Secondary sources offer analysis of primary sources. In the field of literature, some examples might be a book or article that examines or interprets the work or works of an author, explores the history of a literary movement, or a book review. Something to consider when choosing which secondary sources to use is that some may come from popular sources and some from scholarly.
Popular sources may be books or articles from newspapers and magazines that are intended for a general audience and that may or may not be written by experts on the topic covered. You'll find many book, movie, and arts reviews come from popular sources and, at times, these may be all the analysis you can find for the works of newer or less well-known writers, directors, or artists. However, in college-level papers and research projects, secondary analysis from scholarly sources is usually preferred. Scholarly books and journal articles are written by scholars (experts in their field) for other scholars, and the publishers that produce these books and journals use a process called peer review to determine which manuscripts they will publish. Many of the library's databases provide tools for filtering your limiting your search results to peer-reviewed sources or specifically index only scholarly sources. See The Scholarly Conversation section of the English guide for more information about how to determine if an article or book is from a peer-reviewed publisher.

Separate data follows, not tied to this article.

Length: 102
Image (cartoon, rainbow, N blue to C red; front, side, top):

Encyclopedias, dictionaries, and other reference resources help you to discover basic information—names, dates, definitions, summaries, etc. These are good places to start when beginning research on an unfamiliar subject, and when choosing or narrowing a paper topic.
There are a couple of ways to find more reference works in the library collection: